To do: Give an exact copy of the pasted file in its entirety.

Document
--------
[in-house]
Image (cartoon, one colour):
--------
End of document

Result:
[in-house]
Image (cartoon, one colour):